• Check the air intake; clear or repair if necessary.
  • Inspect all air filters for functionality and performance then change if necessary according to schedule.
  • Check ductwork and motors then clean or repair if necessary.
  • Inspect the blower motors for any excessive vibration or noise and then clean or repair if necessary. 
  • Check the flexibility of duct connectors.
  • Inspect the condensate drain pan and make sure it’s draining properly then repair if necessary.
  • Check all the exhaust fans and then clean or repair if necessary.
  • Examine all electrical hardware and connectors then repair if necessary.
  • Check and secure any loose panels and guards.
  • Inspect all safety controls then conduct testing to verify functionality.
  • Test the interior unit for proper operation.

 

During the Cooling Season

  • Check if the condenser motor bearings are still functional. 
  • Inspect the discharge, condenser coil, and air intake
  • Inspect the exterior unit and test for proper operation then repair if necessary.
  • Check all insulation and refrigerant piping.
  • Inspect the compressed air lines; determine possible leaks in fittings, piping, or tubing.
  • Replace air filters quarterly or whenever necessary. 
  • Check and monitor oil levels on the air compressor pumps then replace if necessary.

 

Building Interior

  • Examine structural integrity of walls, ceilings, and floors and look for evidence of deterioration.
  • Check for any potential leaking.
  • Inspect for any potential safety hazards, including slipping, electrical, tripping, and falling hazards.
  • Check the condition of toilets within the building then see if they are still operational.
  • Test the fire alarm and smoke detectors then repair or replace if necessary.
  • Survey all the doors for proper operation and then make sure the exit doors are not obstructed; check if the door locks are functional.
  • Check firefighting equipment such as fire extinguishers and emergency axes. 
  • Make sure walkways and work areas are marked visibly and clearly.
  • Check for any evidence of pest or insect infestation within the building.
  • Examine for waste in storage areas.
  • Check if shelving is organized, properly labeled, and fully secured.
  • Inspect controls such as biometrics machines, photocells, and timers and see if they are functioning properly.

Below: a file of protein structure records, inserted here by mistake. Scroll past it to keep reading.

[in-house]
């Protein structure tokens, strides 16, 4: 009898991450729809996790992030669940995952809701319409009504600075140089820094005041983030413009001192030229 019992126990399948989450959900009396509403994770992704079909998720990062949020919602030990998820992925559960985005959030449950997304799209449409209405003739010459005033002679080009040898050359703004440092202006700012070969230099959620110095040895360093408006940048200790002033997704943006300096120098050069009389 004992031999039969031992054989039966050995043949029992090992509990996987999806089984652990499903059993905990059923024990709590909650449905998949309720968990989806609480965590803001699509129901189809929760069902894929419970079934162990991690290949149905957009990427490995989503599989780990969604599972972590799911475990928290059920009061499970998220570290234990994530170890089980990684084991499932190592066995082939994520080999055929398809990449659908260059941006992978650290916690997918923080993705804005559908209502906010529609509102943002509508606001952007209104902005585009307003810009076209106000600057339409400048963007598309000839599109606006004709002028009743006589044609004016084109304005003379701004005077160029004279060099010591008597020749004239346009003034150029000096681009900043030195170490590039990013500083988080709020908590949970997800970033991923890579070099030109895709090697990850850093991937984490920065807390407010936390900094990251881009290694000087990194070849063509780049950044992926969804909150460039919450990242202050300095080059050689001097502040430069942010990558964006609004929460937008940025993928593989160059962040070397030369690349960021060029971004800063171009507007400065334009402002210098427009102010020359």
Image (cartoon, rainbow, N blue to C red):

Building Exterior

  • Inspect the exterior walls and paint for wear; restore if necessary.
  • Check for plants around the building; consider maintenance if necessary, removing unwanted or overgrown foliage.
  • Examine the windows, doors, and railing and then repair or remove broken ones.
  • Check the roof; clean, repair or restore if necessary. Make sure to use proper fall prevention or protection protocols when working in elevated areas.
  • Inspect drainage and gutter systems on the roof and then test the drains and downspouts by flushing them with water then consider adding protection to your gutter by installing a gutter guard.
  • Check if the gutters are secure and anchored correctly.
  • Examine and assess the condition of the parking lot, driveway, and sidewalk.
  • Check the storm drains and then see if they are unclogged.
  • Examine the condition of your fencing then conduct repairs if necessary.
  • Check for any trees around the building then consider trimming overgrown bushes and cutting down trees that are too close to the building.
  • Inspect the area around the trash bins; clean the area if necessary. 

 

Plumbing

  • Check your plumbing system regularly; see any unusual noise or possible leaks.
  • Examine the bearings in circulation pump systems and domestic water boosters; lubricate if necessary.
  • Conduct a fire test for boilers and domestic water heaters; if necessary, optimize their efficiency using flue-glass analysis. 
  • Adjust the combustion and flue glass to optimize optimal air input.
  • Survey the couplings and determine any leaks then repair if necessary.
  • Check the sewage ejector and sump pumps for proper functioning. Lubricate any exposed pumps regularly for optimum performance. 
  • Inspect the condenser motor bearings on the remote drinking water and then lubricate regularly.
  • Check the contacts and control systems for potential wear. Follow the manufacturer’s instructions when removing the refrigerant during maintenance. 
  • Examine the compressor oil reservoir then drain or replace oil regularly.
  • Clean compressor strainers, filters, and traps regularly. 

Why Use DataMyte Digital Clipboard for Creating Checklists

Whether you’re creating a preventive maintenance checklist or even a simple to-do list, it’s helpful to have a tool to help you stay organized and on track.

That’s where DataMyte comes in. DataMyte is a cloud-based digital clipboard tool that makes it easy to create and manage checklists of any kind. With the DataMyte Digital Clipboard, you can:

  • Create custom checklists tailored to the specific needs of your business
  • Edit and update checklists as needed
  • Share checklists with coworkers or team members
  • Set Due Dates and Reminders for specific tasks

 

If you’re looking for a tool that can help you streamline your preventive maintenance program, the DataMyte Digital Clipboard is the perfect solution. Check out our website to learn more!

Final Thoughts

Preventive maintenance is essential for keeping your business running smoothly and minimizing the risk of unexpected downtime. By including a variety of general and industry-specific preventive maintenance tasks in your checklist, therefore you can help ensure that your equipment stays in good condition and that your business stays compliant with safety regulations.

We hope you found this article helpful and informative. For more great content like this, Check out our other blog posts!